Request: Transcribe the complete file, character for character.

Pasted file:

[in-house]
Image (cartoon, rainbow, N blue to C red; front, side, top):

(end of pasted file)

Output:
[in-house]
Image (cartoon, rainbow, N blue to C red; front, side, top):